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A while ago, I went in for a checkup with my naturopath. As I have been healthy and feeling good for a few years, I wasn’t anticipating any ‘bad news’. All was going along swimmingly until she took my blood pressure. A puzzled look crossed her face and she pumped up the cuff again.
It was 130/82. I have never, ever in my life had an elevated blood pressure reading. In fact, I am most often in the lower ranges of normal, about 110/70. I was shocked. I certainly hadn’t expected this.
Prior to taking my blood pressure, she had asked about any stresses I have been experiencing. I talked about the state of world affairs and the part the U.S. is choosing to play in all this; having a son who is approaching draftable age and knowing that the U.S. government is already gearing up the draft boards for reinstatement... yeah, that would be enough to drive a mother’s blood pressure up a titch. But I had a sinking feeling that wasn’t the only reason. I agreed to come back in a few weeks to have my BP rechecked.
As I was driving home from my appointment, I thought about what I had been doing lately to relax and I realized...nothing. I had been doing nothing to relax. I couldn’t remember the last time I had practiced yoga except for a few stretches here and there. Knowing that B’s not only respond to relaxation practice, especially with BP management, but that we really need to relax in order to stay in balance, I made a commitment to myself to incorporate more relaxation into my daily schedule.
I have found throughout the years that relaxation has to be practiced on a somewhat regular basis to be most effective. It is almost like my muscles forget how to release completely if I am sporadic in relaxation practice. So when I am ‘rusty’, I use the tense/ release technique until my muscles relearn how to let go again, consciously tensing all large muscle groups and holding for a few seconds, and then releasing. This is best practiced lying down, and most effective doing several rounds of tensing/ releasing. After some practice, it becomes easy to relax just through conscious intention. Also, deep breathing exercises and dancing are great stress relievers for me. I highly recommend the books “Relax and Renew” by Judith Lasater and “Conscious Breathing” by Gay Hendricks for some excellent guidelines and practices that are easy to learn and master. Both of these books have made a tremendous difference in the quality of my life and I reread and refer to them over and over again.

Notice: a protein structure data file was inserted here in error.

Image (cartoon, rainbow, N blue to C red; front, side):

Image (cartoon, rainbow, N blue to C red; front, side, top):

So, a few weeks later and I am running errands close to my naturopath’s office and decide now would be a good time to have the BP checked again. I try to relax as I drive over there but ‘knowing' I should relax makes me all that more tense, and it is difficult for me to relax in traffic. Having long given up being concerned about what people think of me singing in my car, I decide to sing as loudly as I can as a stress reliever. So I belt out a few to the Moody Blues and feel the tension drain from my body.
And guess what?? BP was 118/82 that day. I’m sure the relaxation practices of the past few weeks was helpful in lowering my blood pressure, but in that moment, it was the singing that did it.
I read recently in the Blood Type Encyclopedia that chanting and singing are part of the Antistress Protocols for type B.
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